When we asked our Eddie Bauer guide team how they planned to celebrate the summer solstice, they came back with some great responses and expansive ideas. But once again it was Eddie Bauer adventure kayaker Chris Korbulic who delivered, this time with his blog post about returning to his whitewater roots on the Wild and Scenic Rogue River. It is a story that makes us want to head south to Oregon right now, on the longest daylight weekend of the year.
Words and Images by Chris Korbulic
I wasn’t easy to travel with, and was generally unpleasant to be with in public, especially crowded restaurants or tight spaces, or so my parents tell me. It wasn’t until we got out away from town and in the forest or on the river that I became somewhat more manageable, apart from apparently always trying to wound myself by climbing, jumping, swimming or otherwise hurtling myself toward menace and peril. My parents were there to pick up the pieces when I inconveniently succeeded, and some 20 years later little other than the insurance bill has changed with my risk-inclined self. (Did I say inclined? I meant averse.)
Some of my earliest memories are from summer trips with my family down the Wild and Scenic Rogue River, literally out the back door of my house. We, as in my dad, would load up the raft and all our gear for three days of floating through the wilderness a couple times a summer, more if I was lucky. If any experience can build an appreciation for the river and outdoors, it’s floating three amazing days of whitewater, beautiful camping, and abundant wildlife. This is where I could climb and jump, swim and swing and be more like Tarzan than anywhere. Nose to nose with black bears, bald eagles catching fish in front of the raft, rowing my first rapids, I couldn’t ask for better days as a kid, and still can’t.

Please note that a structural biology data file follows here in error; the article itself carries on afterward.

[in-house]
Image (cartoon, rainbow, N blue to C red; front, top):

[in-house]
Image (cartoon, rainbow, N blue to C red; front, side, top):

This summer, during my favorite days of the year between my birthday and the summer solstice, I wanted to return to the Rogue that taught me so much. This was my first trip in years, after leaving Southern Oregon for university, then starting a series of international expeditions that has left little time for my beloved Rogue and its wonders. My parents still live just up the road from the put-in, still have that old raft I loved to jump out of so much, and were keen for me to take it back down the Rogue. They had even made the trip the week before, leaving the raft all rigged and ready to float.
When we pushed off from the Grave Creek boat ramp and turned the first corner, it was like stepping back in time to the excitement of going into the wilderness. We had perfect weather, good water, and great company to make it an unforgettable return to the Rogue. Black bears, eagles, ospreys, giant jumping spring salmon, and me there just to take it all in and pass through unnoticed. Many places we passed, I recalled memories of family trips over the years: jumping from my first high rocks, paddling my dad’s kayak, meeting a bear on the trail, doing my first big kayak seal launch. To the Rogue that taught me so much, a family that introduced me to it, and the calm it still produces in me, I will be forever thankful. No matter where I go, there is always some Rogue in me, and it always leads me back to the river, always back to the Rogue.
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